Fort Worth police release bodycam video in arrest of man who swung at firefighters

Police on Tuesday released bodycam video showing the lengths it took to subdue and handcuff a 35-year-old man Saturday after he took swings at firefighters who were trying to help him.

Also released were dashcam video and audio from a 911 call. The release came and released Sunday by the Next Generation Action Network shows two Fort Worth officers appearing to punch the suspect, Forrest Curry, in the face as he was pinned on the street.

The police video, though, paints a different picture, and the officers involved wanted it released, said Assistant Police Chief Charles Ramirez. A group of six police and city officials decided Tuesday afternoon to release the video, even against the advice of Tarrant County District Attorney Sharen Wilson.

Assistant City Manager Jay Chapa said the motorist‘s video does not give the full account of what happened and “for the sake of transparency” the police video was released. “It shows exactly what happened,” he said.

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After a video began circulating online that showed a Fort Worth cop punching a suspect, the Fort Worth Police Department released the 911 calls. Listen to a woman describe the man, who was reportedly high on K2, to police and medics. Courtesy of the Fort Worth Police Department

Releasing the 911 call and the video footage “will provide transparency that our community expects and deserves,” police said. The Fort Worth Police Officers Association in a statement said officials “responded appropriately” in releasing the video.

“As you can see, he‘s resisting the whole time,” Ramirez said. “The officers showed a lot of restraint. They are young officers and did what we expected them to do. This shows what the officers were actually dealing with.”

Mayor Betsy Price issued a statement saying, “Every day, our officers are faced with very difficult decisions as they ensure the safety of Fort Worth residents. The release of this footage demonstrates a proactive approach and gives the public a better understanding of the actions taken by our officers in this specific incident.”

Curry was arrested on charges of public intoxication, resisting arrest and evading arrest. He also had outstanding traffic warrants.

The incident occurred after police were dispatched to meet an ambulance crew on a call at the Chaparrall Apartments off Handley Drive near Brentwood Stair Road on the city‘s east side. That call was changed to a disturbance when officers received reports that a man had become combative with Fort Worth firefighters.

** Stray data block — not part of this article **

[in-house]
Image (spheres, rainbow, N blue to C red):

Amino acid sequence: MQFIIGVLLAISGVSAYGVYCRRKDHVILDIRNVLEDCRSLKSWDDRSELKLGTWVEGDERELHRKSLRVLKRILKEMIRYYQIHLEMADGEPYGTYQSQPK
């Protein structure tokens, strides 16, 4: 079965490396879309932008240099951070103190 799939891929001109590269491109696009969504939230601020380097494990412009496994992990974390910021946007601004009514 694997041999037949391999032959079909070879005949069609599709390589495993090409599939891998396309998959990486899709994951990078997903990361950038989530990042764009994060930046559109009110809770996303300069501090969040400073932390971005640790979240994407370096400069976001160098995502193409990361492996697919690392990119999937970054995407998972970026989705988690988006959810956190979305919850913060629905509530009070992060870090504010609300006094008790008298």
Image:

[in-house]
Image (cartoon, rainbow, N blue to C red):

The suspect fled when an officer approached him and within a short distance tripped and fell to the street, police said.

Curry was told several times to put his hands behind his back and that police were going to stand him up, the video shows. It eventually took five officers to subdue him. Curry was put on a stretcher and taken to John Peter Smith Hospital. At one point, one of the officers asked him if he wanted some water.

Ramirez said the officer was doing as he was trained, delivering four “distraction strikes” to Curry‘s side and shoulder as well as two knee strikes. One punch, though, appears to touch the back of Curry‘s head. That technique is used only after a suspect fails to follow verbal orders and continues to resist officers, he said.

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The strikes did not injure Curry, police said.

The names of the officers are not being released because the case is still under administrative review, Ramirez said.

A second suspect also fled before police arrived and was later found nearby passed out, police said. During the 911 call, the caller said the men appeared not to be breathing.

Paramedics told police the men appeared to have been high on K2, a synthetic marijuana.

At one point during the nearly five-minute arrest, Curry said he believed he had no clothes on and that he was choking even though police did not have their hands on his neck.

Michael Campbell, a Fort Worth attorney working on the case, said Curry was released from the Tarrant County Jail on Monday. He was one of a small group who gathered Tuesday evening at the Tarrant County Courthouse and marched to Fort Worth City Hall.

Campbell said the narrative that Forrest had not been arrested while he was being punched does not justify the act.

Rod Smith, Jacqueline Craig’s cousin, said the arrest of Curry is something the community has seen several times before.

When everything is said and done, he said, we will find that Curry did nothing wrong and he was attacked by Fort Worth police.

“What happened to Forrest is the same thing that happened to Jackie Craig,” Smith said. “It’s the Fort Worth Way.”

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Fort Worth police are investigating officers after a controversial arrest Saturday of Forrest Curry. The 35-year-old man was taken into custody for public intoxication, resisting and evading arrest. There was also a warrant out for Curry‘s arrest. Courtesy of Next Generation Action Network

This report includes material from the Star-Telegram archives.

Mitch Mitchell: ,